Fregate Islands

Fregate Islands

I'd opened the doors and windows of my villa the night before. As if carried by the fi rst fi ngers of daybreak, the soft breeze of morning stirs through the room and causes the sheer curtains of my canopy bed to billow quietly around me. It's like awakening in a cloud. The breeze is alive with the fresh tang of salt air and the subtle aromas of ylang-ylang and other fl ora covering this island. The calls of pure-white fairy terns, which look like angels as they head out to sea for a day of fi shing, announce the dawn. I've been here for three days, and each time I wake up, I get the sensation I'm seeing the world for the fi rst time. As I've done each day, I step out of my villa, rinse off in the outdoor shower and wander down to my daybed overlooking Anse Bambous, one of several sensual beaches that sweep around this private-island resort. There I breakfast on fresh papaya, star fruit and mango grown on the island and sip coffee as I watch the elegant and effortless movements of lesser frigate birds riding the thermals.

Among the many Eden-like islands in the Seychelles, a sprinkle of gems in the Indian Ocean about 1,000 miles off the east coast of Africa, Fregate perfectly blends nature with indulgence.

I'd come not only to experience the rare Aldabra giant tortoises roaming the banyan- tree-covered hillsides, the unique lizards, vivid blue waters and thousands of nesting seabirds, but also the pillow-soft private beaches, casual pampering and absolute escape that a private island offers. Only 40 guests in 16 lavish villas are allowed on this sybaritic haven at one time. And while I'm here, I rarely see another person.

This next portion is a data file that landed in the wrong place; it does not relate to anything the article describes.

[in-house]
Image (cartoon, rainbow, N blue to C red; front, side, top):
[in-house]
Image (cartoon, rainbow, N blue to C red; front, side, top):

After breakfast I meet up with Steve Hill, the island's ecology guru, and we hike through a trail lined with banyan, cinnamon and cashew trees. Along the way he points out rare birds, including blue pigeons, Seychelles white eyes and magpie robins, all of which have returned to the island because of his dedication to Fregate's natural habitat. Giant tortoises cross our paths. At the end of our hike, Steve drops me off at Anse Macquereau. I get lucky: I'm the fi rst to arrive. I turn the sign to read "Beach Occupied" and then wander down the path to my own private beach for the day. The sand and scene are both heavenly. I spend the day as I want to, taking no one else into consideration. I nap on the day bed, eat my delivered lunch, swim in water that feels like warm silk caressing my skin, snorkel, leave footprints along the shoreline and soak up a day as a complete castaway (with room service). It's a day rife with the joys of apathy. When I see the fairy terns -- heralds sent to stir me from my reverie -- I call from the beach phone, and I'm swept back to my private-island hideaway just in time to see the sunset light the entire Indian Ocean a fire. Rates from about $1,780 per night, minimum three nights. fregate.com -- Ty Sawyer